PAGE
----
point in everybody's thinking had come this turnaround for increasing the level of industry. Now, looking back, can you sort of follow your own thoughts or how you evolved?
LEWIS: Personally, I thought from the beginning that this plan to make Germany a pastoral nation and to reduce its living standard or keep its living standard low was a real political pipedream. I could see why this was very attractive to everybody in the rest of the European countries and to many people here in the United States, and I could see how the passions aroused by this terrible Nazi operation, headed by Hitler, could bring about that sort of thing. But I think a lot of that thinking was done with somebody's stomach and not with their head, because it just seemed to me always to
be a pie in the sky, a pipedream. I thought it was not only foolish to think that this could be done, but very unwise to try to do it. What we were going to do, have a nation of refugees and paupers sitting on the United States Treasury for ever and ever, on and on?
Some people thought that would happen anyway. Well, all right, that's one thing. But to plan for it to happen seemed to me very, very unwise in the long run. And of course, as it turned out, events and pressures of one sort or another worked things around so those plans were, if not formally given up, just forgotten.
MCKINZIE: At what point did you despair of ever having a peace treaty with a unified Germany?
LEWIS: Well, that's a much more difficult question,
because that involves, essentially, the Russians, and they still are, obviously, very much against having any unified Germany except under their terms; they would naturally be very happy to have a unified East German-type Germany. But that's, of course, silly to think about.
Unifying Germany would have been the sensible thing to have done, I think, and there wasn't any one point, it seems to me at least, when I said, "Well, it's hopeless, we have got to give it up." It just gradually became evident that the Russians really were not going to agree with this sort of thing, not ever, and it took a good many foreign ministers' conferences and a good many hagglings of one sort or another to make this pretty clear.
MCKINZIE: At that time when you were much involved in German affairs, were you also following what was happening in the rest of Western Europe? I'm thinking particularly about .the winter of 1946, '47 and early 1948.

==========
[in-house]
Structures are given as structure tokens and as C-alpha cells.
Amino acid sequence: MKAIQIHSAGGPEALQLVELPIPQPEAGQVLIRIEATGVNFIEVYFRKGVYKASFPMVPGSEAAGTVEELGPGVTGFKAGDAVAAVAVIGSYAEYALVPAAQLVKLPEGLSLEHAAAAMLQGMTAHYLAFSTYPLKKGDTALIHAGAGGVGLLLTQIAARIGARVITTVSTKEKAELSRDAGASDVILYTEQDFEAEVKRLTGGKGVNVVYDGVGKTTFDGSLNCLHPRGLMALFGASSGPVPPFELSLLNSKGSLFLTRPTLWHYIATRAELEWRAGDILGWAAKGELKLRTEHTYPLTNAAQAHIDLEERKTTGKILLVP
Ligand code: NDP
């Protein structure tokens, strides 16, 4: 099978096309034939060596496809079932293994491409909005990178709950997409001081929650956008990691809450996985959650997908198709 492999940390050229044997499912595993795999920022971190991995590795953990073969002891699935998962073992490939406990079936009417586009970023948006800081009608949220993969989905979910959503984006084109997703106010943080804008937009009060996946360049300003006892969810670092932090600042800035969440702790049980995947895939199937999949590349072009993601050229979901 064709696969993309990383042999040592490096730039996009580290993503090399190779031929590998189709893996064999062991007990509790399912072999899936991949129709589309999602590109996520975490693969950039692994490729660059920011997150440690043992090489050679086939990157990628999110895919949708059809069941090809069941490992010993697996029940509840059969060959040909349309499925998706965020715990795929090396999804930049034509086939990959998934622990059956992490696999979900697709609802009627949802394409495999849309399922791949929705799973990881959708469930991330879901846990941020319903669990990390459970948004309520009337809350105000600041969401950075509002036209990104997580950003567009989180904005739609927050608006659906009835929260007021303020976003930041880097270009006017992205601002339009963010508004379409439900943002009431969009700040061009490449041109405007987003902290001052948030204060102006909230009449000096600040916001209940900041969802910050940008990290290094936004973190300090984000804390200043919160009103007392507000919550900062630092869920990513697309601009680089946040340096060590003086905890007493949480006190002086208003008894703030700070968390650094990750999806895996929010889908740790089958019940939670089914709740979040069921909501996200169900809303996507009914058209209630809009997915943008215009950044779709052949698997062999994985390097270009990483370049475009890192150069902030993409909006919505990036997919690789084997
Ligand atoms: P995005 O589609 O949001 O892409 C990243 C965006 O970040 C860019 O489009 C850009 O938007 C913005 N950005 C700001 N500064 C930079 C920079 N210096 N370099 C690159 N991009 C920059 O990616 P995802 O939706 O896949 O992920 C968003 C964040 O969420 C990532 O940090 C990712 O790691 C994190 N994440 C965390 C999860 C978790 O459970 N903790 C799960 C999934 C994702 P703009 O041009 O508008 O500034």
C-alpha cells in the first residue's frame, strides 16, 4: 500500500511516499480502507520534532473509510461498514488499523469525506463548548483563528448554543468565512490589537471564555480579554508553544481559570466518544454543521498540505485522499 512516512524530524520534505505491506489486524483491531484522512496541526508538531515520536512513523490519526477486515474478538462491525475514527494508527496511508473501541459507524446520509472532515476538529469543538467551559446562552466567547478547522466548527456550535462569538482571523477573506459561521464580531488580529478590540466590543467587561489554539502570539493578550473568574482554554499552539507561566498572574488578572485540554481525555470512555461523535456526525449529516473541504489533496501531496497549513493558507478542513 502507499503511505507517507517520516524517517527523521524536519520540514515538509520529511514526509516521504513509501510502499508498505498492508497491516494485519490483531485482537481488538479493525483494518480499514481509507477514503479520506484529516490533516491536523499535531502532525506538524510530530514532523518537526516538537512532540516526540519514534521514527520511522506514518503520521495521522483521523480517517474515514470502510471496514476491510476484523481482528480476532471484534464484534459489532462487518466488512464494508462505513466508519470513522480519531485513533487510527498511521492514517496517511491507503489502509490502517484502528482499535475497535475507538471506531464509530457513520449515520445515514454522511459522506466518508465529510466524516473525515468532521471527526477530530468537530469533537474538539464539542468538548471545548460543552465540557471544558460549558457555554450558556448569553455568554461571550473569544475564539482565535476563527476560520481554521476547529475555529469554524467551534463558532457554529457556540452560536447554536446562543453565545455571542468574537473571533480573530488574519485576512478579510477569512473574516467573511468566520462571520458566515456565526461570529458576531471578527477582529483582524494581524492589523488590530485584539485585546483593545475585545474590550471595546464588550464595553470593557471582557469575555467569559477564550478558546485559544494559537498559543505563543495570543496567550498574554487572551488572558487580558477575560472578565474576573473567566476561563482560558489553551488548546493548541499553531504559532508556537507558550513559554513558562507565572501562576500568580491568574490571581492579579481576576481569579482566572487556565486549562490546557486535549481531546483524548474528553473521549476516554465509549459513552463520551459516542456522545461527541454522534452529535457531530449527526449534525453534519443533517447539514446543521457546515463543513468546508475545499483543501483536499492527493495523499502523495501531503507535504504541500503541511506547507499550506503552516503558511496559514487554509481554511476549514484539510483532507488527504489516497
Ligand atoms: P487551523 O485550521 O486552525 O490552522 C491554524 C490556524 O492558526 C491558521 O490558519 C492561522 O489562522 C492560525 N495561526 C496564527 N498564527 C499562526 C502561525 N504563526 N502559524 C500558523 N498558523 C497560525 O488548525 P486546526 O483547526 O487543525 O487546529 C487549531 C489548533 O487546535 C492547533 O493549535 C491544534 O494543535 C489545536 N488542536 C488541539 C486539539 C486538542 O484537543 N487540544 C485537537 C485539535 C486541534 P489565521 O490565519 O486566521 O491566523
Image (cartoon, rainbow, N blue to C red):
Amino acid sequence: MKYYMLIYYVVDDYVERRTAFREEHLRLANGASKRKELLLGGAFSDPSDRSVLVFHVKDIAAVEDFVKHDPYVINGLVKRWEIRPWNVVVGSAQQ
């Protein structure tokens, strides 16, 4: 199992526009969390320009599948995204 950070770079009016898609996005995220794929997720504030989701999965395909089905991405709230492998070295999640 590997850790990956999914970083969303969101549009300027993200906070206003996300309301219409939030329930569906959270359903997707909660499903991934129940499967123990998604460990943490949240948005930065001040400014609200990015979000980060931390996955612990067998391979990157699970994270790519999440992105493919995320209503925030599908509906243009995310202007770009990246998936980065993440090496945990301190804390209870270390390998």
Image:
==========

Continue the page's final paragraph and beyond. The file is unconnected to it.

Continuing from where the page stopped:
LEWIS: To an extent, particularly in France.
MCKINZIE: Was there any talk in the military of having to do something, not only to make Germany something other than an economic liability, but at the same time do something for France? In short, was there a military side of what eventually became the Marshall plan? Will Clayton in the State Department and Dean Acheson, sort of in a parallel way, I gather, came to the conclusion that the whole thing was going to have to be dealt with. To your knowledge, was there ever any parallel
thinking in the military?
LEWIS: Yes. Of course, I left the military in '46 when I went over to the State Department, but I'm sure that even before that there had been a number of them who recognized that what in fact happened was inevitable, that you couldn't just look at a map of Europe and say, "Well, there's Germany, that's a vacuum, we can't worry about that." And they also, having dealt with the Russians, saw more clearly and more quickly that it was about time to think about protecting Europe from the Russian menace, which was, of course, the basis for the cold war. And so I think that once you begin thinking in terms -- which many of them did very early, and so did many people in the State Department -- of building a shield for
Western Europe against the Russians, the Communists, well then, the question of Germany changes very much indeed. Because Germany is obviously the key to both the economic strength and the military strength of Western Europe, particularly as the Americans pull out -- as inevitably I suppose we will someday. Our direct economic assistance is gone now, no need for it. The military should remain for a long time, in my view. Eventually, I would hope that the evolution of the political affairs of Europe would allow us to withdraw many of our troops, but that's not in the cards, in my view, for a long time. There will have to be a whole new rearrangement of our relations with the Russians, or of theirs with ours.
MCKINZIE: When you were again working for General
Hildring what kind of monitoring of the re-educated Germans were you able to do, or did you do? I'm talking about the de-Nazification process.
LEWIS: Well, there inevitably arose a series of conflicts. Do you get the best German for a given job? The aim was always to turn things back to the Germans as rapidly and as smoothly as possible without jeopardizing our own interests. The Army was sincerely quite anxious to get out of the business of running military government, as was the State Department, but they also felt that they had to insure to the best of their ability that they wouldn't run risks unacceptable to us by pulling out too fast.